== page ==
Charlotte Gunessan, an Ivory Coast-born 26-year-old woman from Africa, has just become the first woman to receive the Royal Academy of Engineering’s Africa Prize for Engineering Innovation.
The Royal Academy of Engineering in London sponsors the Africa Prize of Engineering Innovation, a yearly prize worth $25,000 presented to scientists and engineers who have made excellent breakthroughs in the UK.
After developing a digital verification system called BACE API that uses face recognition and artificial intelligence to remotely and instantly confirm the identities of Africans, Charlotte Gunessan and her team were awarded the 2020 prize.
She described how the system functions by comparing a user’s live photo to the picture on their official documents, like their passport or ID card.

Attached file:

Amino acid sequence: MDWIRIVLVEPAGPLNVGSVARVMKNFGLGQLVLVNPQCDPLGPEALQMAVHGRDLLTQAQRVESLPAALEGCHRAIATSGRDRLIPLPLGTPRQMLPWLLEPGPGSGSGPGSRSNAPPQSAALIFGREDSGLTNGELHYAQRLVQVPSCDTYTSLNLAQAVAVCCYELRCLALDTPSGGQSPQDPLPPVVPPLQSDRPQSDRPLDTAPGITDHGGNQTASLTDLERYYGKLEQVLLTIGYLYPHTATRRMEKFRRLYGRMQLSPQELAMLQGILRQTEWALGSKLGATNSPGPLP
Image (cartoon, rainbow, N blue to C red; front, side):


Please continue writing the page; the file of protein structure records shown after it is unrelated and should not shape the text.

“For the individual trying to submit their application, we ask them to switch on their camera to make sure the person behind the camera is real and not a robot,” she added in her own words. We are able to live-capture a person’s face and then compare that image to the one on the previously uploaded document.
According to a release by the Royal Academy of Engineering, Charlotte Gunessan’s idea was chosen as the most remarkable by the Africa Prize judges and a live audience.
Rebecca Enonchong, a businesswoman from Cameroon and judge for the Africa Prize, stated, “We are really delighted to have Charlotte Gunessan and her team win this prize. We are confident that their cutting-edge technology will have significant advantages for the continent. It is crucial to have technologies like facial recognition based in African communities.
CTA on Charlotte Gunessan’s Story
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